By Stephen Cobb, senior researcher, ESET North America.
The benefits of making health records available electronically would seem to be obvious. For a start, faster access to more accurate patient information – which is one of the promises of EHRs (electronic health records) and HIEs (health information exchanges) – could save lives. The author of a recent report on the many thousands of lethal “patient adverse events” that occur in America every year, Dr. John T. James, pointed to “more accurate and streamlined medical recordkeeping” as a top priority in the effort to reduce these deadly medical errors. Yet headlines about healthcare facilities exposing confidential patient data to potential abuse have been all over the media this year. So, will security issues and privacy concerns stymie EHR adoption or slow down HIE rollouts?
Today, more than half of all Americans probably have at least some part of their medical record stored on computer. In January, the CDC reported that roughly four out of five office-based physicians are now using some type of EHR system, up from one in five in 2001. A few months later, in a Harris poll sponsored by ESET, only 17 percent of adult Americans said that, to their knowledge, their health records were not in electronic format.
During that same survey of 1,734 American adults, we asked “are you concerned about the security and privacy of your electronic patient health records” and 40 percent said they were. Slightly more of them, 43 percent said they were not. However, if we take out the 17 percent whose records were not in electronic format, the “concerned or not?” question breaks down as 48 percent Yes, versus 50 percent No, a statistical tie.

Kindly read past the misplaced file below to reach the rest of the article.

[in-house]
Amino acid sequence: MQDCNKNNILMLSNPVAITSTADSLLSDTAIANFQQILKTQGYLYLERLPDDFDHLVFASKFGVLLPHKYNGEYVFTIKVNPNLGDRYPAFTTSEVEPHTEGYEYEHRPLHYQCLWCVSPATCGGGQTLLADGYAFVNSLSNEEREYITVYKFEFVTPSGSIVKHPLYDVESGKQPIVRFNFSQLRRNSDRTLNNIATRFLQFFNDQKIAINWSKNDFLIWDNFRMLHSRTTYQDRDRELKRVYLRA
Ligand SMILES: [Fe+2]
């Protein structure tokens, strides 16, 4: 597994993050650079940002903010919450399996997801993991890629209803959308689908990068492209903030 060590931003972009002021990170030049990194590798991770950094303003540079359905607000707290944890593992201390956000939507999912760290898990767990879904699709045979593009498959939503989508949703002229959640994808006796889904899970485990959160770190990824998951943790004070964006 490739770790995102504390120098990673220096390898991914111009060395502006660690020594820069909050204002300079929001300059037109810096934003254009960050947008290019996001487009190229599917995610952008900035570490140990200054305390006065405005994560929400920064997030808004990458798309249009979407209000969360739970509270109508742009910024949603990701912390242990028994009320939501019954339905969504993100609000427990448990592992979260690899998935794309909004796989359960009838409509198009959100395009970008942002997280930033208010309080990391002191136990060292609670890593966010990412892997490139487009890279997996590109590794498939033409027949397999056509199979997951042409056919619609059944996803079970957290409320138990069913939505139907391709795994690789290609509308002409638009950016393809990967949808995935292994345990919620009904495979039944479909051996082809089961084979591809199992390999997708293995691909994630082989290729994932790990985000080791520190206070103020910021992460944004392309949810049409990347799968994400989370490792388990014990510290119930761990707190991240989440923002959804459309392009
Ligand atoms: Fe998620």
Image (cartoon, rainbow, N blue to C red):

Lance Speck, general manager of Actian cloud and healthcare, speaks here about healthcare big data and how it can be used in healthcare to improve processes from care coordination to coding for ICD-10. In his day job, he is focused on delivering healthcare solutions to help payers and providers address an estimated $450 billion annual opportunity created through data analytics, ranging from fraud analytics to patient re-admission reduction to staff optimization to accountable care reporting and clinical auto-coding. For more than 20 years, Lance has served in a variety of management, sales and product roles in the software industry including a decade focused on SaaS, cloud and healthcare.
How can big data analytics improve patient care?
According to a recent PwC survey, 95 percent of healthcare CEOs are exploring better ways of using and managing big data; however, only 36 percent have made any headway in getting to grips with big data. All agree that big data analytics has the potential to improve the quality and cost of care, but many are still struggling with finding the right ways to infuse analytics into everyday operations. Assuming they realize that they already have access to the data, what do they do with it? What are the areas that will have the biggest impact? Where do they start?
Start with the basics. Organizations should focus in infusing big data analytics where a big impact can be recognized. They should ask themselves: